THE most deprived families in Bolton could see their contribution to council tax bills double under new plans announced by the local authority.

Under Bolton Council’s local council tax support scheme (LCTS), residents on benefits or very low incomes pay at least 12.5 per cent of their council tax bills.

Proposals about to go to public consultation ahead of implementation next April could see that proportion rise to a minimum of 17.5 per cent with other options even higher at 20 per cent, 22.5 per cent or even 25 per cent.

At a council cabinet meeting the plans were attacked as ‘taking money from people on the lowest incomes who are in dire financial hardship already’.

Under the current scheme working age claimants can receive a maximum of 87.5 per cent of their council tax liability subject to a means test.

Currently 26,321 claimants in Bolton receive support through LCTS, of those 9,394 are pension age and 16,927 of working age.

The proposed increases do not apply to those of pensionable age.

In terms of expenditure, in 2020/21 the council’s working age LCTS expenditure is currently £14.4M.

There has been an increase in those claiming council tax relief from 15,901 in April 2020 to 16,927 in September 2020 as the Covid-19 pandemic hit.

The council report, stated: “It is proposed to consult on options to further increase the 12.5% of council tax liability to either 17.5%, 20%, 22.5% or 25%.

” This will reduce the level of council tax liability that is used to calculate a working age customer’s entitlement to LCTS and therefore reduce the amount of LCTS that they are entitled to.”

Under the proposals those living in a band A property would see their weekly bill rise by 87p.

If the minimum was placed at 25 per cent the increase per week would be £2.18.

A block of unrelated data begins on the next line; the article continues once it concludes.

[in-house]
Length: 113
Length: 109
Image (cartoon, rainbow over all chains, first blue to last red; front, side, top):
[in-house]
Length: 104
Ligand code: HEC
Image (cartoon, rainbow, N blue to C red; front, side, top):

Labour member Sue Haworth said even the lowest option meant a 40 per cent in contributions for low income families and blamed central government for not giving councils in deprived areas a ‘fair deal’.

She said: “This comes from a background of having to increasingly fund services from council tax and business rates.

“We’re being forced to consult on taking money away from very low income families just because this Conservative government can’t be bothered to help this borough in a way that is just and fair in terms of human dignity.

“It is a consultation on how we must take more take more money from people who are in dire hardship already.”

Independent councillor Martin McMulkin also expressed great unease at the plans.

He said: “I have serious concerns, this is deeply worrying.

“You say it’s only 87p per week but that could be the difference whether a family will eat that day or not

“The queues at the foodbanks are getting longer and and this is a blow to those who can least afford it.”

Sending the plans for public consultation, council leader David Greenhalgh said it was ‘with a heavy heart’ that the administration had to make such choices with financial pressures on the council growing.

He said: “We have to look at areas where we would much rather not go.

“We have started at 17.5 per cent which is very much mid-way in where other GM authorities are.

“In fact at three Labour run councils the minimum is set at 20 per cent.”

He added that Bolton had an ‘additional safety net’ of a council tax hardship scheme to which those in need could apply.